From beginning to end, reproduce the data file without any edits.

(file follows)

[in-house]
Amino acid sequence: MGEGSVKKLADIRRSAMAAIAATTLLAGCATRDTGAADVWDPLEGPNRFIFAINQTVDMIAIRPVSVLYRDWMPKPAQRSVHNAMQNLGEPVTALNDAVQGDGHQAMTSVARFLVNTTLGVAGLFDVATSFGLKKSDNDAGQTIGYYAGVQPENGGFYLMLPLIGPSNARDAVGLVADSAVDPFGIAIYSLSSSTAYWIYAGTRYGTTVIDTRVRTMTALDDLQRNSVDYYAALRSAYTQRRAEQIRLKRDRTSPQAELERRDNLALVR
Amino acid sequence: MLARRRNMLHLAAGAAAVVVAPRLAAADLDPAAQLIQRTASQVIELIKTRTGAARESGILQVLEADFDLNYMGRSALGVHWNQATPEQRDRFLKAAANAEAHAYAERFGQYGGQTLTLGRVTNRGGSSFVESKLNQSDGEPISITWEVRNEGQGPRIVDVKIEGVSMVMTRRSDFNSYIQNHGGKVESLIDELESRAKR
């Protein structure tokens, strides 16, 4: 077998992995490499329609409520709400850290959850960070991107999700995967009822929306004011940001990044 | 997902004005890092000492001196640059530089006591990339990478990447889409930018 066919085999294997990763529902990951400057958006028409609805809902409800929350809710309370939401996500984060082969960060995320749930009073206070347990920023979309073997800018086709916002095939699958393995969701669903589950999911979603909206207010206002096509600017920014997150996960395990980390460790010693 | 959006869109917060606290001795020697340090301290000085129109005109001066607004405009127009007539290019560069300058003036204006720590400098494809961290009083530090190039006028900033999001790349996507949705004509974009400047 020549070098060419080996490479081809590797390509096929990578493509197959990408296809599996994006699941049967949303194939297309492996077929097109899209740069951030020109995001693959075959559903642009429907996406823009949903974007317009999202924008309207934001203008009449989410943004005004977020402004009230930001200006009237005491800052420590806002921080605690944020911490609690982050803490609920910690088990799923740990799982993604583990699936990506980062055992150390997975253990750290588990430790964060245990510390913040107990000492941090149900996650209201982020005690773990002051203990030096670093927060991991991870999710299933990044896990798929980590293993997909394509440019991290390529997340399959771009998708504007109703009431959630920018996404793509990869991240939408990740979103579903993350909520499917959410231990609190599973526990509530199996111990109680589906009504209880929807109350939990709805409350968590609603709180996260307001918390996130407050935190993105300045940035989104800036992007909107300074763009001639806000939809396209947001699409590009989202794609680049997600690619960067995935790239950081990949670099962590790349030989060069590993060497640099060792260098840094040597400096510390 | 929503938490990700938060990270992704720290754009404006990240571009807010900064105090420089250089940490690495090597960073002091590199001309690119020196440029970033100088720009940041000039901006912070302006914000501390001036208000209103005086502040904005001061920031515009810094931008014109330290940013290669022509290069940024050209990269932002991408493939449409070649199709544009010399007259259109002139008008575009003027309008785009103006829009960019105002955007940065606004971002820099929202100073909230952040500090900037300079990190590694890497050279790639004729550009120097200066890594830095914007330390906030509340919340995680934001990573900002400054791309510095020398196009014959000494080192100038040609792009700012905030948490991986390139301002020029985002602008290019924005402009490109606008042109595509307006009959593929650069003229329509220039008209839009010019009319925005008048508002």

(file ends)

[in-house]
Amino acid sequence: MGEGSVKKLADIRRSAMAAIAATTLLAGCATRDTGAADVWDPLEGPNRFIFAINQTVDMIAIRPVSVLYRDWMPKPAQRSVHNAMQNLGEPVTALNDAVQGDGHQAMTSVARFLVNTTLGVAGLFDVATSFGLKKSDNDAGQTIGYYAGVQPENGGFYLMLPLIGPSNARDAVGLVADSAVDPFGIAIYSLSSSTAYWIYAGTRYGTTVIDTRVRTMTALDDLQRNSVDYYAALRSAYTQRRAEQIRLKRDRTSPQAELERRDNLALVR
Amino acid sequence: MLARRRNMLHLAAGAAAVVVAPRLAAADLDPAAQLIQRTASQVIELIKTRTGAARESGILQVLEADFDLNYMGRSALGVHWNQATPEQRDRFLKAAANAEAHAYAERFGQYGGQTLTLGRVTNRGGSSFVESKLNQSDGEPISITWEVRNEGQGPRIVDVKIEGVSMVMTRRSDFNSYIQNHGGKVESLIDELESRAKR
């Protein structure tokens, strides 16, 4: 077998992995490499329609409520709400850290959850960070991107999700995967009822929306004011940001990044 | 997902004005890092000492001196640059530089006591990339990478990447889409930018 066919085999294997990763529902990951400057958006028409609805809902409800929350809710309370939401996500984060082969960060995320749930009073206070347990920023979309073997800018086709916002095939699958393995969701669903589950999911979603909206207010206002096509600017920014997150996960395990980390460790010693 | 959006869109917060606290001795020697340090301290000085129109005109001066607004405009127009007539290019560069300058003036204006720590400098494809961290009083530090190039006028900033999001790349996507949705004509974009400047 020549070098060419080996490479081809590797390509096929990578493509197959990408296809599996994006699941049967949303194939297309492996077929097109899209740069951030020109995001693959075959559903642009429907996406823009949903974007317009999202924008309207934001203008009449989410943004005004977020402004009230930001200006009237005491800052420590806002921080605690944020911490609690982050803490609920910690088990799923740990799982993604583990699936990506980062055992150390997975253990750290588990430790964060245990510390913040107990000492941090149900996650209201982020005690773990002051203990030096670093927060991991991870999710299933990044896990798929980590293993997909394509440019991290390529997340399959771009998708504007109703009431959630920018996404793509990869991240939408990740979103579903993350909520499917959410231990609190599973526990509530199996111990109680589906009504209880929807109350939990709805409350968590609603709180996260307001918390996130407050935190993105300045940035989104800036992007909107300074763009001639806000939809396209947001699409590009989202794609680049997600690619960067995935790239950081990949670099962590790349030989060069590993060497640099060792260098840094040597400096510390 | 929503938490990700938060990270992704720290754009404006990240571009807010900064105090420089250089940490690495090597960073002091590199001309690119020196440029970033100088720009940041000039901006912070302006914000501390001036208000209103005086502040904005001061920031515009810094931008014109330290940013290669022509290069940024050209990269932002991408493939449409070649199709544009010399007259259109002139008008575009003027309008785009103006829009960019105002955007940065606004971002820099929202100073909230952040500090900037300079990190590694890497050279790639004729550009120097200066890594830095914007330390906030509340919340995680934001990573900002400054791309510095020398196009014959000494080192100038040609792009700012905030948490991986390139301002020029985002602008290019924005402009490109606008042109595509307006009959593929650069003229329509220039008209839009010019009319925005008048508002």